When you’re hankering for a jolt of nuclear pep in your step, reach for NUKA-COLA. Remember; polonium is just another word for flavour!
- 1 oz aged rum
- 1/2 oz blue curacao
- 1/2 oz cherry brandy
- 1/2 oz lemon juice
- Your favourite cola
Add all ingredients except the cola to a mixing glass filled with ice. Stir briefly to chill. Strain into a Collins glass also filled with ice. Add cola to taste. Garnish with a festive umbrella. Serve!
“Nuka-Cola! If you don’t like it, you’re a filthy Commie!”—Nuka-Cola advertisement, circa 2067AD.
Contrary to popular belief, Nuka-Cola isn’t simply the Fallout equivalent of Coca Cola. Sure, the logo might look eerily familiar, as do the bottles in the original series (before the rocketship revamp in the later games), but they aren’t the same where it counts: in flavour.
With a little digging, you’ll discover that Nuka-Cola is made with dozens of different kinds of fruit—something which distinguishes it significantly from Coca Cola. In fact, the fruity flavours of Nuka-Cola are so distinctive that when one of the fruits used in its bottling wasn’t available one year, the batches from that bottling tasted noticeably different.
So while it might be tempting to chuck some vodka in some coke and call that Nuka, it wouldn’t be a faithful recreation.
Instead, the recipe above uses a combination of fruit liqueurs to replicate the iconic beverage. As much as I like the opportunity to experiment with my cocktails, I didn’t want to create a beverage that used the same dozens of fruits as the ‘real’ Nuka-Cola—mostly because it wouldn’t taste particularly good.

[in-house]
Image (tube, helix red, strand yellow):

Instead, I stuck to cherry brandy, blue curacao and lemon juice, as well as the more subtle fruitiness of a well-aged rum (use Jamaican rum for maximum pineapple), which I feel is the best combo of fruits that accentuate the goodness of cola.
It might not be a stimpack, but the denizens of the Wasteland would probably appreciate one of these Potions of Healing from Dungeons & Dragons if they ever ran across a Deathclaw den.
Better yet, the combo of the rum, blue curacao and cherry brandy creates a deep brown liquid that looks the part, even before the regular cola is added—though this will depend on the colours of your brandy and curacao. In the video above, I used a slightly different liqueur brand combo than my initial experiments, and there’s a definite difference in the colour. The lemon juice helps knock back the sugar bomb of a beverage this is, and adds a lovely astringent sharpness too.
If you’re not a fan of the sugar sweetness from the cola, you can instead shake the drink and strain it into a martini glass, then top it off with soda water instead. It’s best to add some cola simple syrup too, if you want to get that lovely caramel colour without the added sugar.
There it is: the recipe for Nuka Cola, a fruity, sweet cocktail that is well worth scavenging the wasteland for—and we didn’t even charge you a single cap for this highly sought-after recipe!
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